More Delays for Iran-Nuke Intel Report

A long-awaited update to the U.S. intelligence community's controversial 2007 National Intelligence Estimate on Iran's nuclear ambitions has been kicked down the road yet again, Declassified has learned.

The NIE update, expected to bring U.S. spy agencies more into line with their European and Israeli counterparts, was originally supposed to be completed at the end of last year. The target date then slipped to the end of February. But three U.S. national-security officials, who asked for anonymity when discussing the intelligence process, said the document has now been further delayed, at least until the end of March and conceivably further.

The reasons behind the latest delay are murky; two of the officials said the precise reasons for the latest delay are classified. But it is likely that the various intel agencies are still reviewing, revising, and debating the document to reach an agreement about what it should say. In the past, this has been a long and sometimes contentious process. The final product is supposed to reflect the consensus view of U.S. intelligence as a whole, though dissents often pepper the footnotes.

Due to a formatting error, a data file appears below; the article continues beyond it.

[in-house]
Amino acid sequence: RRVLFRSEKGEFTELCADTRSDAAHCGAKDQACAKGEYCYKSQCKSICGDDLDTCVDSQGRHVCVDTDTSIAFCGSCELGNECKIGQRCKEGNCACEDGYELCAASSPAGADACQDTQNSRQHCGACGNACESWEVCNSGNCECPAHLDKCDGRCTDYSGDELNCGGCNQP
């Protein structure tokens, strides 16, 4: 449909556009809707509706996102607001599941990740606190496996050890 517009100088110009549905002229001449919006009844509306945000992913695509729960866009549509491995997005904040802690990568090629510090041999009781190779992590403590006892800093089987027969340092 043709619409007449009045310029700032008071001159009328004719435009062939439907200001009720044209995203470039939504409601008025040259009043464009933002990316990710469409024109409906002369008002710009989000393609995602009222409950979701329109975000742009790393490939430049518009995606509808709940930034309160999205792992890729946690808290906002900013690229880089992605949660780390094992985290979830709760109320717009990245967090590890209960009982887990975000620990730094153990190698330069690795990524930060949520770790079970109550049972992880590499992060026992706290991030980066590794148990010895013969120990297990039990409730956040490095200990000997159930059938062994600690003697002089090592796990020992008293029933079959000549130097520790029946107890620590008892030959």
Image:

A spokesman for National Intelligence Director Dennis Blair, whose office is responsible for drafting and issuing NIE-related papers, declined to comment, citing the office's longstanding policy not to discuss classified reports (or even acknowledge that they exist).

The U.S. officials said that even when it is finally finished, the Iran-nuke NIE update may remain classified in its entirety; the Obama administration, they said, is unlikely to allow the publication even of a declassified extract of the document's key judgments, as was done with the original 2007 document.

The widely debated 2007 report concluded that U.S. agencies "judge with high confidence that in fall 2003, Tehran halted its nuclear weapons program," and that "the halt lasted at least several years." The 2007 NIE also said that American agencies assessed "with moderate confidence Tehran had not restarted its nuclear weapons program as of mid-2007, but we do not know whether it currently intends to develop nuclear weapons." This assessment has been widely criticized by European and Israeli intelligence agencies. They believe that Iran has been pursuing nuclear-weapons capability all along.

As Declassified has reported, the updated Iran-nuke NIE is expected to be more hawkish about Iran's nuclear intentions. Officials familiar with the intelligence community's latest assessments say U.S. analysts now believe that Iran may well have resumed "research" on nuclear weapons, as European and Israeli intelligence agencies have insisted for years. But U.S. intelligence agencies still believe that Iran is not engaged in the "development" of nuclear weapons—that is, actually trying to build a bomb.